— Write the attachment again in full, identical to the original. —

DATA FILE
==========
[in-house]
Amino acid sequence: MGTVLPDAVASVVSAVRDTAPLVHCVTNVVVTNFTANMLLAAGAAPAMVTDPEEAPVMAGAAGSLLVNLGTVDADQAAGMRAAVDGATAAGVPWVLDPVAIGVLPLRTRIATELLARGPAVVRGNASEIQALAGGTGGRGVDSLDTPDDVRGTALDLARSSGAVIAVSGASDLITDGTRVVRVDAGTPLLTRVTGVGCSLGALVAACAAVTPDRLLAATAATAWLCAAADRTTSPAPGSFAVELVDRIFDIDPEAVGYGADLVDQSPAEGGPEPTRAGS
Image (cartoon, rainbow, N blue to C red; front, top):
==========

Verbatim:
[in-house]
Amino acid sequence: MGTVLPDAVASVVSAVRDTAPLVHCVTNVVVTNFTANMLLAAGAAPAMVTDPEEAPVMAGAAGSLLVNLGTVDADQAAGMRAAVDGATAAGVPWVLDPVAIGVLPLRTRIATELLARGPAVVRGNASEIQALAGGTGGRGVDSLDTPDDVRGTALDLARSSGAVIAVSGASDLITDGTRVVRVDAGTPLLTRVTGVGCSLGALVAACAAVTPDRLLAATAATAWLCAAADRTTSPAPGSFAVELVDRIFDIDPEAVGYGADLVDQSPAEGGPEPTRAGS
Image (cartoon, rainbow, N blue to C red; front, top):